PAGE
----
According to the business finance website Fundera, $17.2 billion is generated yearly in North America through crowdfunding, and that amount is expected to grow to $300 billion by 2030. The average total raised by successful campaigns (meaning they met their goal amount) was $28,656.
Crowdfunding appeals to start-ups and small businesses because it’s a relatively inexpensive way to infuse money into a business venture while also promoting it online to a broad audience of potential customers. However, it is not without its risks and drawbacks.
Types of crowdfunding
For small businesses, there are two major types of crowdfunding: rewards-based (sites like Kickstarter, Indiegogo, Patreon) and equity-based (Republic, CircleUp, Crowdfunder).
Rewards-based funding operates by offering backers (also called “donors”) a tiered system of rewards based on the amount donated. Rewards can be a physical (possibly limited-edition) product or an opportunity to weigh in on a future product’s name or design. This type of crowdfunding is most often used by small businesses to launch their idea without entering into shareholder contracts or taking out a business loan, which comes with interest and must be repaid. Rewards-based funding best supports small-dollar contribution options.
Equity-based funding involves investors receiving shares in the company based on the amount of their contribution. These investors believe the business will be successful and expect it to generate a return on their investment. This type of funding is best suited for businesses with solid growth plans. Involving investors can result in potential hiccups if strict financial guidelines aren’t followed and can result in increased scrutiny from regulators.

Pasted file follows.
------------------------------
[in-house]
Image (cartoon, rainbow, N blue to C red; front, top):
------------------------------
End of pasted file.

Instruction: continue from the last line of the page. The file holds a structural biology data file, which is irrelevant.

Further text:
The website Fundable is specifically for small businesses and allows you to choose between equity- and rewards-based funding.
How to crowdfund
First, research each platform and decide which type of crowdfunding best fits your business needs and goals. Carefully review the website’s fee structure and terms to ensure you keep more of the money you raise.
Second, create a profile for your business. Include your business plan for investors/donors to read as well as an honest and moving description of your business. Set a funding goal and your rewards for each level of donation if you’re using a rewards-based platform.
Third, publish your business’s profile online through the crowdfunding platform and pour as much energy and time as you can spare into promoting the page! Post the link on your personal social media channels to spark interest. Remember, it’s up to you to launch and help sustain the buzz and interest in your fundraising efforts.
Small business owners should know there’s a middle-ground option for using crowdfunding and the traditional financial resource of a local credit union: using crowdfunding as a steppingstone to jumpstart the business before securing a larger loan from a credit union.